Table 3 Spearman’s correlations between counterfactual model parameters and subjective measures.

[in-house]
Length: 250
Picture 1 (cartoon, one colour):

In light of the correlation between the value attributed to the approach scenario and the quality of instrumental learning (as indicated by α and w parameters), we wanted to explore whether this could be related to differences observed in response repetition after approach/avoidance feedback between the groups with and without an explicit avoidance strategy. Past research indicates that win-stay responses—i.e., repeating a response after a rewarded choice—are a proxy of an individual’s sensitivity to positive feedback, whereas lose-switch responses—i.e., not repeating a response after a punished choice—attests to an individual’s sensitivity to negative feedback52,53,54,55. Therefore, we expected to find a correlation between the tendency to repeat the response after approach/avoidance feedback and the learning rate, as well as the w parameter. Since we had a direct measure of the extent to which subjects valued approach and avoidance scenarios, we also correlated the tendency to repeat with the subjective evaluation of those scenarios. Concerning approach feedback, the tendency to repeat a response was indeed negatively correlated with α (ρ = − 0.24, p < 0.001) and positively correlated with w (ρ = 0.46, p < 0.001) and, importantly, with subjective evaluations (ρ = 0.36, p < 0.001). Conversely, concerning avoidance feedback, the tendency to repeat a response was only positively correlated with α (ρ = 0.36, p < 0.001) but neither correlated with w (ρ = − 0.02, p = 0.75) nor with subjective evaluations (ρ = 0.00, p = 0.95).